Many of us feel a new apprehension going into this election: Not that our favored candidates might lose the election, but that the winner may not be the candidate who received the most votes. Citizens are out in front of both political parties on this issue: 72% of respondents in a recent Gallup poll lacked confidence that their votes would be counted faithfully.
For many of us, awareness that there was a thumb on the scale of our elections began with the debacle of Bush vs Gore in 2000. This scenario, involving 537 votes and a Supreme Court decision, was so bizarre and so improbable, that it was easy to dismiss as an isolated anomaly. Then Congress sped into action, enacting the Help America Vote Act (HAVA), and the problem was supposed to be solved.
But questions about our voting procedures have mushroomed in the intervening years. In 2002, Georgia granted a contract to Diebold to control and implement every aspect of election operations. The election appeared to run smoothly enough, but two popular Democratic incumbents lost their seats in eye-popping upsets (Governor Roy Barnes and Senator Max Cleland). A year later, an unsecured Diebold web site turned up a computer folder named "Rob Georgia". Details of this story have been documented by Bev Harris of Black Box Voting and Robert F. Kennedy Jr, in a Rolling Stone article this fall.
In the 2004 election, exit polls indicated a decisive victory for Kerry, even as Bush won the official count. An impressive array of dirty tricks was used to suppress the Democratic vote in Ohio, documented in exquisite detail by John Conyers's Congressional Report.
Meanwhile, the Federal Justice Department has used HAVA as a blunt instrument, suing states to adopt unverifiable voting technologies. The machines that count our votes are special-purpose computers, loaded by their manufacturers with programs that are kept secret from the governments that purchase them, and from the public. We are asked to trust these machines to count our votes, but there is no oversight or verification, no way for us to know whether the machines have been programmed honestly and competently.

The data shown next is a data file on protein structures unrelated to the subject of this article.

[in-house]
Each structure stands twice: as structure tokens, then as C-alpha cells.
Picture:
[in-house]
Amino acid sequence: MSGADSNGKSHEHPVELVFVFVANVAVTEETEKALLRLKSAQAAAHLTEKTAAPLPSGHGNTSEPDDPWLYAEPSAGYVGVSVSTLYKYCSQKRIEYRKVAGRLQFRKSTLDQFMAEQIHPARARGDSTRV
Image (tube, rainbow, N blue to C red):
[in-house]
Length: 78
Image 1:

Prompted by HAVA, several area counties have adopted the new technologies. Chester County will be trying out new iVotronic machines, the same type that was programmed to disregard all straight party Democratic votes in Cumberland County last year. Delaware and Bucks have recently switched to Danaher machines, like the ones used in Philadelphia. It was Danaher machines that selectively lost thousands of Native American votes in New Mexico, probably supplying Bush's margin of victory there in 2004.
In this context, it is some comfort to know that a group of local election reform activists will be conducting an independent check on the accuracy of the election system. They will be monitoring two closely-contested suburban elections with exit polls and telephone surveys.
The project is being run by Professor Steve Freeman of Penn, and mathematician Stephanie Singer from Haverford. Freeman wrote the original article that publicized the exit poll controversy after the 2004 election, and his book titled Was the 2004 Presidential Election Stolen came out this past June. The two have teamed up with Kenneth Warren, a pollster of national renown and twenty years experience.
The Vote Count Protection Project (http://electionintegrity.org) began with the classic paradigm of the TV exit poll, used for the past forty years to predict election outcomes. From there, they have optimized the design to be sensitive to miscounts or outright fraud. Interviewers will be sited at 25 precincts throughout Chester, Berks, Delaware and Montgomery Counties. Their design has the advantage that the results can be compared not to the overall election tally but to the local results from exactly the precinct where the poll was conducted.
Freeman and Singer are committed to openness and transparency. Their methodology will be described in detail on the project's public web page, and their analysis will be posted along with a complete set of raw data.
Similar projects are being planned in California, in Ohio, Florida and elsewhere around the country. Small groups of citizens are organizing volunteers to do exit polling and post-election telephone polling, creating a measure of independent oversight that will offer an indication of this election's honesty.
This project has the potential to help restore our confidence that our election systems are still working as we have taken for granted that they do - or else to point the way to the kind of reforms needed to restore our confidence.